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Feature Checklist

External Battery Roundup: Stay Away From The Wall Socket
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Feature Checklist Dual Charging Separate Charger Charges Dell Charges Mac with MikeGyver MagSafe
Amstron MedXP 140YYNY
Amstron MedXP 300YYNY
Brunton ImpelNYYY
Brunton SustainNYYY
Digipower Universal Notebook BatteryN/AYN/AN/A
Electrovaya PowerPad 130YYYY
Electrovaya PowerPad 95YYYY
Energizer XP18000YYNY
Energizer XP8000YYNY
Lenmar PPU916NNNY
PowerTraveller MiniGorillaNYNY
PowerTraveller PowerGorillaNOptionalNY
Tekkeon MP3450YYNY
Tekkeon MP3450iYNNY
Tekkeon MP3750YYNY
Feature ChecklistAccepts MikeGyver ChargerUse Dissimilar Input/Output Tip CombinationOff stateLinear Battery Gauge
Amstron MedXP 140NN/ANY
Amstron MedXP 300NN/AYN
Brunton ImpelNN/AYY
Brunton SustainNN/AYY
Digipower Universal Notebook BatteryN/AN/AN/AN/A
Electrovaya PowerPad 130YNYY
Electrovaya PowerPad 95YNYY
Energizer XP18000N/AN/ANY
Energizer XP8000N/AN/ANY
Lenmar PPU916YN/ANY
PowerTraveller MiniGorillaN/ANYN
PowerTraveller PowerGorillaNN/AYN
Tekkeon MP3450N/AN/AYN
Tekkeon MP3450iNNYN
Tekkeon MP3750N/AN/AYN


Dual Charging: If your external battery and notebook are both short of a full charge, you need to charge both batteries. If they are connected, the external battery always takes priority. Some batteries will charge both systems at the same time by demanding a higher current from the wall socket. Notice that only a handful of the batteries in this roundup are capable of this.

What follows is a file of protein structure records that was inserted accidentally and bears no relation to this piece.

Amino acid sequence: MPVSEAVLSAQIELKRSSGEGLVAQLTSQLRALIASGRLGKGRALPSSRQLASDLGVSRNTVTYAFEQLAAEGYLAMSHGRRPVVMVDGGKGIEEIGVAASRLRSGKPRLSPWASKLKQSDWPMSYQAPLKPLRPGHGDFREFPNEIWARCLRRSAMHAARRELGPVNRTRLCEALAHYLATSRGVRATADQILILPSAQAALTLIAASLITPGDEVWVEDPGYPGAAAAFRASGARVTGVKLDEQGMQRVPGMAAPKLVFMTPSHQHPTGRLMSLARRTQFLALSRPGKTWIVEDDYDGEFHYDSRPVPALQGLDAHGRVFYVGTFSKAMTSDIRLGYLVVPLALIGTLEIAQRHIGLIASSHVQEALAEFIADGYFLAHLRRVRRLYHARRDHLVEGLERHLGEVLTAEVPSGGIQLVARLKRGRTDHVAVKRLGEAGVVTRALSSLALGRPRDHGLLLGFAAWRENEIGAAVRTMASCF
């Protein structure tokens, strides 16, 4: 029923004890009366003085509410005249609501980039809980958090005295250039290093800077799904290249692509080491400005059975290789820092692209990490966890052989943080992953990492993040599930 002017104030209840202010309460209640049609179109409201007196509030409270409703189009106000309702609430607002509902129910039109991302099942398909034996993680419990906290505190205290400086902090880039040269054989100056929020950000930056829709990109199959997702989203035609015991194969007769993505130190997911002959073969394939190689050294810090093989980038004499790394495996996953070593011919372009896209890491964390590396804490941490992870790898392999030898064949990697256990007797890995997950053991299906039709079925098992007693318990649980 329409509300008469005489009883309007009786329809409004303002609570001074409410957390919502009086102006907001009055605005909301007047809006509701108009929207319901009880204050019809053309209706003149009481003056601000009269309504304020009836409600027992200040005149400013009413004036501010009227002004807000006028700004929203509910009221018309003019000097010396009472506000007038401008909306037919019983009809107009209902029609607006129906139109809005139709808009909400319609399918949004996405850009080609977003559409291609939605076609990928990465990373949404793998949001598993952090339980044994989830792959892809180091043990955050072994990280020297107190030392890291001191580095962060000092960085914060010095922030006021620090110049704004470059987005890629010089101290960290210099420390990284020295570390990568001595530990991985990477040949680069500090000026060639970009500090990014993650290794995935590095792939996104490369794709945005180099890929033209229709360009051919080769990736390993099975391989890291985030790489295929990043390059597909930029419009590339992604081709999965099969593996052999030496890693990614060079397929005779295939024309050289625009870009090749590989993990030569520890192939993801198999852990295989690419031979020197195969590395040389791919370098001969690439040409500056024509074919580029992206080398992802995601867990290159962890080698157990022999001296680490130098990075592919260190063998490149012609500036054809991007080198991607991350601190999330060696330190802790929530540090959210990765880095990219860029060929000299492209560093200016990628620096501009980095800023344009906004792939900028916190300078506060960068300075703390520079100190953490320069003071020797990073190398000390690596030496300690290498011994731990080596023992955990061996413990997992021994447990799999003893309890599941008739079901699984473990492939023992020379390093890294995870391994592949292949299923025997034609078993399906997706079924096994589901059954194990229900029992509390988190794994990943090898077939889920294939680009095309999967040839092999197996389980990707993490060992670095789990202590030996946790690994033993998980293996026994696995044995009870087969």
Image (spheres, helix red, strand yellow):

In the case of Brunton and PowerTraveller, you need to physically disconnect the AC charging cable before using the external battery to power the notebook. The battery refuses to output power otherwise. In the case of Lenmar, you don’t need to disconnect, but everything is done on a priority-based system. Say your notebook is at 50% and the PPU916 is at 90%. First, the PPU916 finishes charging, then it stops charging and charges your notebook. After the PPU916 goes to 0% or your notebook hits 100% (whichever occurs first), it repeats the process. Obviously, Lenmar's implementation is very inefficient. It doesn't properly shunt power.

Separate Charger: Not all of these batteries allow you to make dual use of your notebook’s charger. Some require you to use the one included in the box. Only the PowerGorilla provides an option to choose. Remember that this benefit is a double-edged sword. With a separate charger, you are guaranteed a way to charge your battery. An input tip system has no guarantee unless the company explicitly states that your notebook is compatible.

Charges Dell Notebooks: The majority of Dell notebooks (excluding the Minis) have a power circuit that requires a proprietary identification signal before charging initiates. If this signal is absent, you can only power the notebook. That is why third-party chargers often do not work with Dell notebooks. Some vendors have figured out Dell’s charging scheme and others haven’t. The only batteries in our roundup that can actually charge a Dell notebook are from Electrovaya and Brunton. Every other battery could not charge our Vostro 3300.

Charges Mac with MikeGyver MagSafe: All of these batteries will output to the old 16 V ThinkPad tip. Every battery in our roundup will power and charge a Mac notebook provided you have a modified MagSafe cable.